However, it must be mentioned that these were estimates, and components with similar structures may be mistaken. The peak at 22.5 minutes was found to be an octadecanoic acid methyl ester. This was at an accuracy of 70%. Other components were found in the biodiesel sample which included methyl group and chlorine. The methyl is due to the reactant methanol and traces that remained, and the chlorine may be a result of the washing process, where warm salt water was used. The solvent, which evaporated at the initial stages of the analysis, as it was chosen due to its low evaporating temperatures, also contained chlorine, and may have influenced this. However, the solvent was only used in the diluted samples. The reduced density in the biodiesel from its initial state as sunfloweroil is justifiable, since the triglyceride is indicated to have broken down to methyl esters of chains of approximately 19 carbons in length. The broken down structure also contributes to the pH number in biodiesel, though slightly acidic, not largely variant from that of ULSD. This break down in structure will improve biodiesel properties in terms of higher calorific values than pure sunfloweroil, as was established using the bomb calorimeter. The energy content may have been influenced by some unsaturated bond still contained in the biodiesel, justified by the structure of the oleic acid methyl ester, seemingly having unsaturated bonds.
---------------------------------------------------------------------***---------------------------------------------------------------------- Abstract - In this paper, we have produced biodiesel from papaya, watermelon seed oil and sunfloweroil by transesterification process using methanol and KOH (catalyst) and a new biodiesel blend was so produced. The new blend consists of WP oil which are in a ratio of 1 :1 and the final blend has 2:1 ratio of sunflower to WP oil mixture. The final blend was amalgamated with conventional Diesel to give B20 blend i.e. 20% of Biodiesel blend and 80 % of diesel. Then performance and emission test were performed with B20 blend to compare the same with conventional diesel.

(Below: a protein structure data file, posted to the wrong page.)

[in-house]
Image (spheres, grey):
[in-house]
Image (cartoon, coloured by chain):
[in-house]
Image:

Background and Aims: Infant massage could potentially benefit both physiological and psycholog- ical health. This study aims to determine the effect of massage with oils on the growth of full-term infants, which is given by their mothers. Study Design: This is a double-blind randomized con- trolled trial which was conducted on full term infants visited in the nine Public Health Centers of Shahrekord, Iran in 2010. Material and Methods: This study included 217 infants. Inclusion crite- ria for the infants were age scale between 10 to 15 days, full term gestation, birth weight of 2500 grams at least, Apgar score of 7 or above, no resuscitation after the birth, exclusive breastfeeding during the study, medically stable condition without any need for drugs, nulliparous. The infants were randomized into four groups: massage with sunfloweroil, massage with sesame oil, massage without oil, and no massage (control group). Massage was given by mothers twice a day for 4 weeks, starting from the 10 - 15 th day of life. Weight and height were measured weekly. At last,
In a 16 week, randomized, double-blind, placebo-con- trolled study, Nemets et al.  found a significant dif- ference from the placebo (sunfloweroil or olive oil) in the CDI score, CDRS and clinical global impression after 8 weeks of intervention with a fish oil capsule (1000 mg containing 400 mg EPA and 200 mg DHA or two 500 mg capsules with 190 mg EPA and 90 mg DHA) in 20 chil- dren diagnosed with major depression (5/10 drop-out in placebo and 3/10 in Omega-3 group). Seven out of 10 patients from the Omega-3 group experienced a greater than 50% reduction in CDRS, compared to none in pla- cebo group with four meeting the criteria for remission.